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Emmy Verhoeyen-Vadan is no stranger to change

  • Posted on October 18, 2018
  • Estimated reading time 7 minutes
emmy-verhoeyen-vadan-story

Recent Avanade addition Emmy Verhoeyen-Vadan brings a lot to the table. The Hungarian-Romanian-born professional gave up an academic career for the excitement of her own consultancy business. After moving to Belgium, she worked hard to master the language while working at a smaller company and now enjoys every minute of her new life as a financial consultant with Avanade.

Some twenty years ago I decided to study economics and management. I loved the financial aspect of those programs, and when the opportunity presented itself to start teaching at university level, I jumped at the chance. I then received an offer to work as a consultant and combined both professions for two years. After a while, the university asked me to make a choice, and at the time I felt focusing on the practice of consultancy would be the more interesting option for me; after all, I could always go back to teaching later.

In 2002, my brother and I decided to take a leap of faith and started a consultancy company of our own. We worked well together, and the company grew steadily until we had about fifteen employees. I loved being involved in every part of the process and made sure I had good working relationships, which occasionally evolved into genuine friendships with both my employees and my clients. Then, in 2006, an accidental meeting would change my life forever.

All that jazz
I am quite passionate about jazz music so when the North Sea Jazz festival in Rotterdam came around, I travelled to the Netherlands, looking forward to tasting the live music vibe. There I met the man who would later become my husband and father of our three children. Initially, I stayed in Romania, taking care of my business, and he continued to live in Belgium. In 2011, when I was pregnant with our second child, I felt the time had come to move to Belgium. A colleague took over my company, and I arrived in Ghent, ready to start all over. To be honest, leaving my home, business, and family to start a new life almost 1,600 km away was probably one of the most difficult decisions I have had to make so far.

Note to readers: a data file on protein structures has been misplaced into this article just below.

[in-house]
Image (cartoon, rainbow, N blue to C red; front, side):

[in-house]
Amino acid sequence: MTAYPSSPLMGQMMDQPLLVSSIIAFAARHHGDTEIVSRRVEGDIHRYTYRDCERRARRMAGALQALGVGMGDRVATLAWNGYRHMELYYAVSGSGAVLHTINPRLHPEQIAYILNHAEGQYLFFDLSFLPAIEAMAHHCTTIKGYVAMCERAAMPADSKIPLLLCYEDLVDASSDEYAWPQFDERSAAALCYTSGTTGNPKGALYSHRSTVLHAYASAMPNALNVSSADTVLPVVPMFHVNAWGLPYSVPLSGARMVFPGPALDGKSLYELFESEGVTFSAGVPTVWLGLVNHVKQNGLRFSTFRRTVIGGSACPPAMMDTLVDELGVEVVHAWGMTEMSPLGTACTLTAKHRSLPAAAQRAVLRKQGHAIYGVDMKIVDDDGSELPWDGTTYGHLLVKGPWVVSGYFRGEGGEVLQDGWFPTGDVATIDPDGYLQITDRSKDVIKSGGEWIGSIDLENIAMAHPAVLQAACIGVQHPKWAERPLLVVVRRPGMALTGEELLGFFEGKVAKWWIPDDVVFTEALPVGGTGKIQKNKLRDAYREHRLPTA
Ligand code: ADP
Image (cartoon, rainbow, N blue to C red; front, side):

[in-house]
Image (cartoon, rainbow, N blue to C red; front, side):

Once I arrived in Belgium I studied Dutch during the day and took an accountancy course in the evenings. One and a half years later, I began to work for DEVtalk in Ghent, a small independent software vendor (ISV) for Microsoft Dynamics AX. When that company was taken over by another company about a year ago, I started to look for other opportunities.

Quite a few companies got in touch with me via LinkedIn, but it was Avanade’s tempting offer of ice cream that made me decide to go for the job interview. I was completely charmed by the fun way in which Avanade approached potential employees. Finally, after a lengthy interview process, I started my new job as a financial consultant in March 2018.

The X-factor
I chose to join Avanade based on the extensive knowledge within the company, the various training opportunities, the delivery-oriented approach, the international environment and the company’s project methodology. Avanade offers an environment that is full of possibilities to learn and grow, which is quite unique.

I admit that going from running your own company to being an employee was a huge change. It was difficult at first, but I took it step-by-step and enjoyed the transition. I meet with clients, find out their requirements, discuss their business processes and match those with existing system functionalities. It is my job to try and understand what the customer means – not necessarily by what he or she says – and to translate that into what the system does.

"I realized Avanade was a good fit for me when I met the people."

What do I love most about my job? Well, just about everything! But I truly realized Avanade was a good fit for me when I met the people here. I can best describe it as a kind of personal attraction: It just clicked. I am very much a team player. I am energized by the synergistic effect of working in a team; seeing people’s drive and how they create together gives me an adrenaline boost. The international context is a welcome bonus. Currently, I’m working on a project with colleagues from five different countries. I love to discover new things, new people and new situations. Avanade is the best place to do so. To put it simply: working at Avanade is the opposite of boring.